To support & regenerate our local agriculture & Biodiversity
Did you know Biodiversity in the UK is in Decline?
According to the 'State of Nature' report from 2019 a third of British bee and hoverfly species are in decline, alongside a 41% decline in total biodiversity.
If trends continue some species will be lost altogether.
In a study published in the Nature Communications journal, scientists found common bee and hoverfly species are winning out at the expense of rarer ones, with an overall picture of biodiversity being lost2...
Pollinators are crucial to our food supplies. About a third of our food is dependent on pollinators, of which bees are some of the most important3.
As the UK leaves the EU, we are likely to rely more heavily on our own local agriculture and protecting our pollinator populations should be a priority.
1. State of Nature Report - 2019
2. BBC - British Pollinators in Decline
Why is this happening?
It's a complex issue, but habitat loss & pesticide use are major factors.
Intensive agriculture promotes the removal of hedgerows and the planting of single crops. This, alongside the use of artificial pesticides, herbicides and fertilisers upsets the natural balance of the land and soil.
More, more, more
The majority of British farming focusses on increasing crop yields - helping to fill the shelves of supermarkets and feed our growing population. However to meet this demand some crops are treated with up to 20 different herbicides, pesticides and growth regulators through the year4.
It is also important to note, that globally we produce more than enough food to feed us, but estimates suggest that a third of what is grown goes to waste5.
Studies suggest if this waste could be eliminated, every farm could convert to organic status4, and on average there is up to 50% more plant, insect and bird life on organic farms6.
So why are only 1% of farms organic?6 It's not always easy for a small, independent farm - or any farm for that matter - to adopt organic and natural practices overnight. Although soil health and biodiversity will recover, this takes time, and on average yields initially drop by 10-20%7.
Fortunately, there is a ground-swell of natural and sustainable farming practices, that are being used to cope with these initial challenges, while working in balance with nature.
At Wildpress we believe that through new business models we can find ways to bring us all into this regenerative cycle of change. See our system below...
5. Soil Association - Feeding the Future
6. Soil Association - Top Bee Facts
What is helping?
protecting wild spaces & creating new natural habitats helps biodiversity recover.
Wooded areas, well-managed hedgerows, wildflower meadows and traditional orchards all provide havens for local wildlife.
Wild & Traditional Orchards
The Peoples Trust for Endangered Species estimate that 90% of traditional orchards have been lost since the 1950s and 45% of the remaining English orchards are in declining condition8.
For us 'wild orchards' fall into this group. They are typically older, full of interesting heritage varieties and often tucked in the corner of larger farms and estates. Over the course of time and as generations have passed, they are overlooked, 'forgotten' and reclaimed - or rewilded - by nature.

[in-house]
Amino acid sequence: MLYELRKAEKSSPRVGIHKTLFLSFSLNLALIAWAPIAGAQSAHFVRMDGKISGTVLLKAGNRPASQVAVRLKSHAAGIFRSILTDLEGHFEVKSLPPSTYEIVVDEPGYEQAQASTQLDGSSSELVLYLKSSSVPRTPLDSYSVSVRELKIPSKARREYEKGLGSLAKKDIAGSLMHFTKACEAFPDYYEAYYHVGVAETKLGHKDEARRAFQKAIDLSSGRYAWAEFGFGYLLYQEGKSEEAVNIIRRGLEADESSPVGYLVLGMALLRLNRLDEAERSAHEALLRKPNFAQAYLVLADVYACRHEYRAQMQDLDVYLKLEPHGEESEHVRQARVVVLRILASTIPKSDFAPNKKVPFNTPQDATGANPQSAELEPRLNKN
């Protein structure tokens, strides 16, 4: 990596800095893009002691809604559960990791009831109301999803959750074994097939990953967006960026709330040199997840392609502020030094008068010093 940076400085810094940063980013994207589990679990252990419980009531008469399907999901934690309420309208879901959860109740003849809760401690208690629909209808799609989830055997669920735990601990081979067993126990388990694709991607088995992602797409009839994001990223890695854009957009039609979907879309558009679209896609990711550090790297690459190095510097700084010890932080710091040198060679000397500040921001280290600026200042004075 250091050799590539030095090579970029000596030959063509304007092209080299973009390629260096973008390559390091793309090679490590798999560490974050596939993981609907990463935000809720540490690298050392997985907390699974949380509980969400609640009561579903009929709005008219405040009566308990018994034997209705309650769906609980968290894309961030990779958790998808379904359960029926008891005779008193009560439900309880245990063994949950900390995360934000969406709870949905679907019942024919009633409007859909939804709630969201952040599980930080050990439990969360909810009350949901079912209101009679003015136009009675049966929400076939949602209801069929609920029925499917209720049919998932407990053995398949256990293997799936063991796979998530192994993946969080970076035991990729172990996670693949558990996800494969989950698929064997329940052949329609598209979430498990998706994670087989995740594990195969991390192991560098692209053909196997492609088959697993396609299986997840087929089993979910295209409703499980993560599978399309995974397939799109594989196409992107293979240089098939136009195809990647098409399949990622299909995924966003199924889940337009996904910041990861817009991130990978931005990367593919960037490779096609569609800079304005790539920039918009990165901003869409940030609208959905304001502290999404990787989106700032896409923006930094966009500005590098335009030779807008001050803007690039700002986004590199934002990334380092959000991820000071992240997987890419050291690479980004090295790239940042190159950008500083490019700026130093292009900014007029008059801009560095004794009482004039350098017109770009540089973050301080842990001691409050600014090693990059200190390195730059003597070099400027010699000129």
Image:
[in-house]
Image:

Without support, these orchards are identified for 'grubbing-up' and conversion to more 'productive' farm land.
One positive step: By sourcing the fruit for our juices from these remaining traditional orchards - whatever their size - we help farmers protect them.
According to the RSPB, hedges may support up to 80% of our woodland birds, 50% of our mammals and 30% of our butterflies 9.
However an Institute of Terrestrial Ecology (ITE) survey of hedgerow changes revealed that between 1984 and 1990 over 9,500km of hedgerow were removed every year10.
One positive step: The UK is one of the most 'hedge-dense' countries in the world - with a combined length of over 500,000km. This is 100,000km more than the combined length of all the roads in the country!11
Their deep roots absorb and store carbon from the atmosphere, and the UK’s 2019 'Committee on Climate Change' report suggested the hedgerow network should be extended by 40% as part of the countries 2050 'Net-Zero' carbon target11.
The ‘State of Nature' report from 2019 suggests up to 97% of wildflower meadows have disappeared from England and Wales between the 1930s and 1980s12. With this dramatic reduction, wildflower species have been lost at a rate of up to one per year, per county since the 1950s12.
One positive step: There are a number of meadow restoration projects underway in the UK13, with wildflower stripes being planted through large crop fields. This brings natural predators closer to crop pests to help farmers reduce their reliance on chemical pesticides14.
8. PTES - Traditional Orchard Decline
11. The Guardian - Hedges: Resevoirs of Life
12. State of Nature Report - 2019
13. Magnificent Meadows Project
We have created a system that supports local agriculture & biodiversity.
This is a regenerative ethos where everyone benefits – the grower, the orchard, the customer and nature. With every bottle sold, we support the natural environments and growers, who are protecting and restoring biodiversity.
We believe this - in turn - creates tastier, more interesting juices. Head over to the bottle shop to find out more about the presses.